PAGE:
December 17, 2009 – Original Source: The Washington Post
A new paper published online Wednesday in the journal Nature suggests that the world may face a long-term sea-level rise of 20 to 30 feet, even under a modest global temperature rise.
The study — by Princeton and Harvard researchers — focuses on a period known as the last interglacial stage, which occurred about 125,000 years ago. At that time, temperatures at the two poles were likely warmer than today by five to nine degrees Fahrenheit, which is what scientists expect could happen again if the average global temperature warms four to six degrees above pre-industrial levels.
The scientists collected 50 indicators of geological sea level from that time, including beach sediment and coral samples, and developed a statistical approach so they could compare them to each other. After factoring in how both the sea surface and the earth’s surface responds to pressure from ice sheets, they determined a global temperature rise of 3.6 Fahrenheit would likely commit the planet to a long-term sea-level rise of at least 21.6 feet and possibly more.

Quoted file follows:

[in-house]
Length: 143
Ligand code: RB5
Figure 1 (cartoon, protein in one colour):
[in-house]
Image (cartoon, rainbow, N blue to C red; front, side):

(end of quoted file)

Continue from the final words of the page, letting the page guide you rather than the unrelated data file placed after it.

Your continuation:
The findings are significant because the estimate is higher than previous projections, which put the sea-level increase at between 13 and 20 feet at 3.6 degrees Fahrenheit, or two degrees Celsius, which is the temperature rise threshold that policymakers are hoping not to cross if they can seal a climate deal in Copenhagen.
Princeton University geosciences and international affairs professor Michael Oppenheimer, who co-authored the paper and is in Copenhagen observing the U.N.-sponsored talks, said the findings are “something to worry about.”
“Is this the end of the world? No,” he said. “Does it mean there’s a premium on reducing the level of greenhouse gases as fast as reasonably possible? Yes.”
“Also,” he added, “it puts an exclamation point on the two-degree target.”